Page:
Ar­mando Ianucci’s po­lit­i­cal satire was in­spired by Yes, PrimeMin­is­ter, bu­tratherthan fo­cus­ing on­the­clout of the civil ser­vants, it satirised the min­is­ters who co wer un­der the in­flu­ence of West­min­ster’s all- pow­er­ful spin doc­tors.

Haig ap­peared in this too, play­ing weasel- like Chief Whip SteveFlem­ing, mean­inghe’sina priv­i­leged po­si­tion to com­pare the two.

“It strikes me they’re very sim­i­lar and dis­sim­i­lar,” he says. “They’re both acute po­lit­i­cal satires but with great characters and great re­la­tion­ships, and they’re both funny.

“The main dis­sim­i­lar­ity to me is stylis­tic: In The Thick Of It you feel as if you’re go­ing in through a lit­tle side door and you’re in this room where peo­ple hap­pen to be be­hav­ing and re­act­ing, whereas Yes, Prime Min­is­ter is a much more the­atri­cal event - it’s a nicely, beau­ti­fully mod­u­lated, in­tel­li­gent se­quence of events, and it has struc­ture. Part of The Thick Of It’s beauty is it doesn’t ad­here to the con­ven­tional struc­ture.”

Though he doesn’t class him­self as an “I- must- get- tothe- con­fer­ence- on- time” sort of per­son, Haig says he’s a “po­lit­i­cal an­i­mal” who’s sup­ported Labour his whole life.

It was im­por­tant to him to make Harker like­able and im­pres­sive ( as well as bum­bling) to ex­plain howhe’dreached his po­si­tion.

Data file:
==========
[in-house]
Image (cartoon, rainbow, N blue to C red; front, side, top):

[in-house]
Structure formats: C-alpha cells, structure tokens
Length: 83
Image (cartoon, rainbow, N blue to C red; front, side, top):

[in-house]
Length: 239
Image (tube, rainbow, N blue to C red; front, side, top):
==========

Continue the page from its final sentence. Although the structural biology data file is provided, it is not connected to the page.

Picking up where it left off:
He­names Ed Miliban­das to­day’s most like­able politi­cian. “I’m warm­ing to him, ac­tu­ally,” says Haig. “It’s really great when some­one does it against the odds. Peo­ple as­sumed he wouldn’t match his brother’s slick de­liv­ery and the pre­vi­ous Blairite tem­plates but some of his ideas [ have been good]. Who knows whether he’ll win the elec­tion or not?”

Haig him­self is con­sol­i­dat­ing his screen cre­den­tials by win­ning the lead role in The Wright Way, Ben El­ton’s forth­com­ing sit­com about a newly di­vorced health and safety in­spec­tor.

“I think it’s ex­tremely funny, like all of Ben’s stuff,” says Haig of the new show, which be­gins film­ing in Manch­ester this month.

“In the best pos­si­ble way he takes risks and it’s go­ing to be very ex­cit­ing, be­cause it’s such a good ter­ri­tory to take the mick out of. There’s also a fam­ily is­sue in the se­ries whichis rather pow­er­ful. I’m look­ing for­ward to it enor­mously.”

It’s al­ways hard to pre­dict fu­ture success at the time of mak­ing, and Four Wed­dings And A Funeral is a case in point. The 1994 film, writ­ten by Richard Cur­tis, broke box of­fice records and launched Hugh Grant to global star­dom.

But Haig ad­mits that this came as a sur­prise. “We only re­alised how big it was when we were in­vited to the distri­bu­tion party for the Czech Repub­lic or the Ukraine,” he says. “Th­ese strange places where you couldn’t imag­ine the Bri­tish mid­dle classes and their wed­ding or funeral be­hav­iour would be amus­ing.”

Yes, Prime Min­is­ter, per­haps also sur­pris­ingly, has global ap­peal too and since its in­cep­tion has been re­made in other coun­tries, in­clud­ing Is­rael, Hol­land and In­dia.

And though the new ver­sion has been con­ceived as a sin­gle se­ries, Haig and his col­leagues aren’t rul­ing out do­ing more.

“It wasn’t the in­ten­tion to tele­vise it again. As it stands it’s a one- off as a re­sult of the stage play. But, if ev­ery­bodyc omes up and says, ‘ Please do an­other’, who knows?” he says.

cap­tion